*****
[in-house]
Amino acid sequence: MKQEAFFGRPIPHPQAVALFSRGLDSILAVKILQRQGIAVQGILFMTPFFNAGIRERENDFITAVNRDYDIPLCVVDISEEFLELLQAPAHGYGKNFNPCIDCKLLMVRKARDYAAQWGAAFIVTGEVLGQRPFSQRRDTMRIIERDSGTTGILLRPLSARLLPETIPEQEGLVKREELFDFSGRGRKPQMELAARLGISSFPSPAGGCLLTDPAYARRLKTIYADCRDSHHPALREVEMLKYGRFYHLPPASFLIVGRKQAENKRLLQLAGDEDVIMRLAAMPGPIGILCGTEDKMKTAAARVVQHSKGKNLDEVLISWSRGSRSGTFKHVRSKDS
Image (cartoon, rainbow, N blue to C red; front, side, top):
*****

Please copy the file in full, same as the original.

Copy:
[in-house]
Amino acid sequence: MKQEAFFGRPIPHPQAVALFSRGLDSILAVKILQRQGIAVQGILFMTPFFNAGIRERENDFITAVNRDYDIPLCVVDISEEFLELLQAPAHGYGKNFNPCIDCKLLMVRKARDYAAQWGAAFIVTGEVLGQRPFSQRRDTMRIIERDSGTTGILLRPLSARLLPETIPEQEGLVKREELFDFSGRGRKPQMELAARLGISSFPSPAGGCLLTDPAYARRLKTIYADCRDSHHPALREVEMLKYGRFYHLPPASFLIVGRKQAENKRLLQLAGDEDVIMRLAAMPGPIGILCGTEDKMKTAAARVVQHSKGKNLDEVLISWSRGSRSGTFKHVRSKDS
Image (cartoon, rainbow, N blue to C red; front, side, top):